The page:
Making Diversity & Inclusion Work at the Workplace

While companies are taking baby steps in meeting their diversity goals, it is time for them to up the ante. Several reports and data demonstrate that companies implementing Diversity and Inclusion (D&I) not only improve their overall business performance and reputation but are more likely to outperform their peers in profitability. 

Here are some ways that organisations can accelerate their D&I journey. 

Leadership commitment: Leadership commitment is paramount in directing a company’s D&I initiatives. Without unwavering support and active involvement from top management, these programs often lack the necessary resources, influence, and direction to effect real change. Leadership commitment sets the tone for the entire organisation, signalling that D&I is not just a superficial endeavour but a core value woven into the company’s fabric. It fosters a culture of inclusivity, encourages diverse perspectives, and ultimately enhances innovation, employee morale, and overall business performance.

Flexible working policies:  The evolution of flexible working hours and remote work policies in numerous companies post-COVID represents a significant step towards supporting women who want to balance their professional careers with their family responsibilities. Providing more opportunities, these policies can help enhance work-life balance, reduce bias, and support working parents. This can help organisations leverage the full potential of their workforce.

Beneficial HR policies: HR policies must promote diverse experiences and beliefs to foster diversity. For example, expanding the inclusivity of policies beyond traditional spousal designations by allowing employees to designate a partner as a health insurance beneficiary. Providing facilities such as maternity and paternity leave policies can also support working parents, helping them to balance their family and professional commitments more effectively. To create a more inclusive work environment, some tech companies in India have introduced policies that provide additional benefits to working mothers, such as extended maternity leave, lactation rooms, and flexible work arrangements.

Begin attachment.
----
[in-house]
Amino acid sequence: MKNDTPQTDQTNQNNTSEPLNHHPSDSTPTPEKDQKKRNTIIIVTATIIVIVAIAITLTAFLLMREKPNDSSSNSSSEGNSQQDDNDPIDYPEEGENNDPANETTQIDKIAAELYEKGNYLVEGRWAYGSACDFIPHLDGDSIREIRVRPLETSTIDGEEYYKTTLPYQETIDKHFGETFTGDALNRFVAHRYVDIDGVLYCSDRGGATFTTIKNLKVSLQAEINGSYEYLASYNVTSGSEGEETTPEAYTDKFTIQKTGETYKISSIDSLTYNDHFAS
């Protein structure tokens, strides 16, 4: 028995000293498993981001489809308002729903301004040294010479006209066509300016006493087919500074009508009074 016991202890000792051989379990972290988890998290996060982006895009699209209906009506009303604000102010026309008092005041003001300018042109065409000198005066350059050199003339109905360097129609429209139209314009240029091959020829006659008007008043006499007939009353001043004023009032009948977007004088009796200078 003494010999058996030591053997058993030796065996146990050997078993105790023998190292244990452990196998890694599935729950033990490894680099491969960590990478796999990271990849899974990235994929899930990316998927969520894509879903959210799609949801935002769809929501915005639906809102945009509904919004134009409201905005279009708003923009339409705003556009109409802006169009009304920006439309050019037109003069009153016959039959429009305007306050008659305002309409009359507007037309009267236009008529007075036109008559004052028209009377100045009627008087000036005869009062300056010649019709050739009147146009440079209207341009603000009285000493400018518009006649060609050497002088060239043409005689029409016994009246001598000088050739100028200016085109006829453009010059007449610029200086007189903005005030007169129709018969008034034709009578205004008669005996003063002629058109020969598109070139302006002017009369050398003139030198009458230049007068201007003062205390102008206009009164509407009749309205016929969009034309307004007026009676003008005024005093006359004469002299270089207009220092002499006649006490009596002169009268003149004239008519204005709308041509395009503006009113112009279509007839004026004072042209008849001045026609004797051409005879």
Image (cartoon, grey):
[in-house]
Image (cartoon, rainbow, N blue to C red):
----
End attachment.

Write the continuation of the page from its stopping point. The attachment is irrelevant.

Changes in the hiring process: Campus hiring is now a potent tool for achieving diversity objectives across various sectors. Many companies in India, both Indian and multinational, across different sectors, have taken proactive measures to attract female talent at the early stages of their careers to achieve their diversity goals. For instance, some companies in the power sector have consistently hired 30% of their workforce from female candidates in colleges over the past decade, which has significantly increased women’s participation in the oil and energy sector. Additionally, adopting inclusive recruitment and promotion policies prioritising merit over traditional biases can help create a diverse workforce, as seen in some companies’ commitment to gender diversity in leadership positions.

Creating diversity metrics and accountability: Establishing clear-cut diversity metrics and accountability to promote D&I is essential to monitor metrics related to diversity, such as gender balance and representation of the LGBTQI+ community. These metrics will serve as a tangible benchmark to evaluate the effectiveness of D&I initiatives and hold companies accountable for fulfilling their commitments. 

The future of diversity and inclusion in Indian companies is promising yet challenging. Though India Inc. is still a while away from embracing diversity, companies have started thinking about diversity strategies that look beyond women. Prioritising inclusivity will generate more representative workforces and foster professional environments that encourage innovation and resilience, besides being good for business.